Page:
Michael Cleland, a vice president at management consultancy Cap Gemini Ernst & Young in Silicon Valley, has already experienced the technology's potential. Cleland wanted to find an informal contact inside a large semiconductor company to learn more about the chip firm's consulting needs. Phone calls and e-mail queries turned up nothing, so Cleland tapped into Spoke Connect, a social networking system developed by Palo Alto-based Spoke Software. Founded in 2002, Spoke recently attracted $9.2 million in venture funding, and the company's roster of pilot clients also includes consulting firms EDS and A.T. Kearney.

Spoke works by indexing a firm's e-mail archives, address books, buddy lists, and calendars to build a map of the company's human network. The software also conducts Web searches to compile profiles about business prospects; these mini-biographies are augmented with quotes from online articles to provide background on a potential customer's interests or mind-set.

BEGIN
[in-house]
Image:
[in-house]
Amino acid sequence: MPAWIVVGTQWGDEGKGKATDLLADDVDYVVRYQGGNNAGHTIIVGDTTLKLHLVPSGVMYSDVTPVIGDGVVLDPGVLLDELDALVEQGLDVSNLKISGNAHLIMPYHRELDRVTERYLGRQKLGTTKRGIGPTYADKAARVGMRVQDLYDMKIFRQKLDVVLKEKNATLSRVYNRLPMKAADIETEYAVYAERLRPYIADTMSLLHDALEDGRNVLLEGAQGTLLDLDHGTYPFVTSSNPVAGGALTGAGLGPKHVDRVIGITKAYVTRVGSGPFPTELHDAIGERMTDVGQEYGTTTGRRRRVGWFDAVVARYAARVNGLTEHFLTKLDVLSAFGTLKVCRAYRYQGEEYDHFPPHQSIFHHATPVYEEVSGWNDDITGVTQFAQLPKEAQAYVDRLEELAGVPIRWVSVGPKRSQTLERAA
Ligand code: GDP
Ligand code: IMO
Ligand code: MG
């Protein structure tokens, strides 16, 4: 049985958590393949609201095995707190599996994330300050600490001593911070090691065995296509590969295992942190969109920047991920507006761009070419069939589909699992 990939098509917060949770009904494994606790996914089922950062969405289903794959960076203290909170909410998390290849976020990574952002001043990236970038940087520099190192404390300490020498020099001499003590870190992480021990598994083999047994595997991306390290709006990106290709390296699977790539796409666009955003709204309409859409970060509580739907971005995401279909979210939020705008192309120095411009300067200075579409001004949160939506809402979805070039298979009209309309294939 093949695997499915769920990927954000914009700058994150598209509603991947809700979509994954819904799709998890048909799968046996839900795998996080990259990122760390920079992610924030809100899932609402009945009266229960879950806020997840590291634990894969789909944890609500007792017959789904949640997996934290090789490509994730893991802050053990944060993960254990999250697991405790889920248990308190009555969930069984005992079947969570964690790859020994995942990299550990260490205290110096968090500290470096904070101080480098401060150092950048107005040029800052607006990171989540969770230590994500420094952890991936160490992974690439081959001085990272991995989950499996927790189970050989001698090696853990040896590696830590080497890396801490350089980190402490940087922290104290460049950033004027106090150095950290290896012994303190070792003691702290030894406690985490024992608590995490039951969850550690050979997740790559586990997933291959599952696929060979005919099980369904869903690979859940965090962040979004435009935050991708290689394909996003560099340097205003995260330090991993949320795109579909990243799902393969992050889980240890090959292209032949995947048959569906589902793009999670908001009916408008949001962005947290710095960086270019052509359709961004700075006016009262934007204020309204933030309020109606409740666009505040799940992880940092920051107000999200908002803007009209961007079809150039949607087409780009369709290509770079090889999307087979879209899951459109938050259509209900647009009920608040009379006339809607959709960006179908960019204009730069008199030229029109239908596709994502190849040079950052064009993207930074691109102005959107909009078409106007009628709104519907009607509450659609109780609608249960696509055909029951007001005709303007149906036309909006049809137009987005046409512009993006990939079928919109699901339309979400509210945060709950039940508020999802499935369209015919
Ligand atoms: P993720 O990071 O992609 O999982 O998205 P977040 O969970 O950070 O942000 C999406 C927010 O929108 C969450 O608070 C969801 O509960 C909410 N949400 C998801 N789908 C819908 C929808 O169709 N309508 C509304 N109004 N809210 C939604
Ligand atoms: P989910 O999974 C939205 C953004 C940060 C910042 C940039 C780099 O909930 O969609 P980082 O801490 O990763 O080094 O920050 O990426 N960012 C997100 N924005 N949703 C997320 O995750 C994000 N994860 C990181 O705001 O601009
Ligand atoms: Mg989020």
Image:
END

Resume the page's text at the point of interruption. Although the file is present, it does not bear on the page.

The software revealed that one of Cleland's close colleagues was friendly with a manager inside the semiconductor firm. A golf date was arranged, and Cleland got the information he needed. "Without the software, I would never have known about that connection inside the company," he says. Indeed, Spoke says its pilot clients are seeing a 20 percent increase in the number of leads that salespeople can pursue.